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How to be an idiot on TV during March Madness

A frank conversation with Jordan Collins, better known as Belmont Dreads Bro, concerning how best to make your 30 seconds of dancing-like-an-idiot-on-TV count during March Madness. SB Nation's GIF Tournament V

There is only one Belmont Dreads Bro. He is the heroic Belmont University student that put on a dance performance for the ages on ESPN during Belmont's upset loss to Eastern Kentucky in the Atlantic Sun conference final. The Notorious BDB's performance, and his dense mane of salami-thick dreads, marks him as a singular character. And yet there are also many Belmont Dreads Bros, waiting for their moment make their peace, stare into the unflinching red eye of the TV camera and GET IT while Ian Eagle or whoever break down the first half in the foreground. These Belmont Dreads Bros just haven't been on camera yet.

The good news is that the original Belmont Dreads Bro's identity is no longer a mystery. His name is Jordan Collins, he was born in South Africa, and his identity was revealed to me by multiple parties after I wrote about his initial performance. "I guess with dreads and an accent, it's hard to not stick out at a Christian school in the middle of Tennessee," Collins says. He is not a professional performer in any real sense, and certainly not any more experienced a dancer than anyone else who has ever doofed it up at a party. "Napoleon Dynamite has always been my inspiration," he says. "Kid President has some pretty sick moves, too, if you're all new-age YouTube-y."

Collins was, it turns out, not doing a single conscious thing besides being himself during his ESPN Moment.

Collins was kind enough to take time away from his education to answer some questions about his moment of immortality, and to offer his tips to the Belmont Dreads Bros -- whatever their gender, hairstyle, performance philosophy, or team loyalty -- who aspire to running-man a mile in his shoes later this March.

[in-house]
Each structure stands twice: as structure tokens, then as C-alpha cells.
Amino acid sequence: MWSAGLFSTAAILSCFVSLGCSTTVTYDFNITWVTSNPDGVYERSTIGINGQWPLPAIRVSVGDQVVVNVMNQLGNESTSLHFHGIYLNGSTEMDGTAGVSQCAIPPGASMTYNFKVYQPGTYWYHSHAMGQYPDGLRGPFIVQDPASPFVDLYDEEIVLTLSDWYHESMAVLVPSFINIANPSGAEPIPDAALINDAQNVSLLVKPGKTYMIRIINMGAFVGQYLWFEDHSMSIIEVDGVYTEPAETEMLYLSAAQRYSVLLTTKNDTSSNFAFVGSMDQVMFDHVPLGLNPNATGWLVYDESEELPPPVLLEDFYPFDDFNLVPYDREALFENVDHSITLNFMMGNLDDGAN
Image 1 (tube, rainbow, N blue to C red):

So, you were born in South Africa and attend a mid-major college basketball demi-powerhouse. What's your relationship to the program? I ask this because multiple people online identified you pretty quickly, which led me to believe that you might have some secret Jordan The Belmont Dancing Dude brand going on.

Yes, I was born and raised in South Africa. I moved to the U.S. to pursue the American College Dream. Ended up coming to Belmont because of its music program. Once I got started, I realized studying music was too much commitment, so now I only make music for fun, just like every other Belmont student. I definitely do not think I have a brand, but I guess with dreads and an accent, it's hard to not stick out at a Christian school in the middle of Tennessee. I've also done some ridiculous things in the past that have circulated the Belmont community.

Once I taught and organized some guys from my dorm to do the haka (New Zealand war dance) to support our woman's volleyball team against our rivals (evidently, we dominated that game), and then got on ESPN3 being ridiculous with my friends during a woman's basketball game. Which also ended as a victory for Belmont.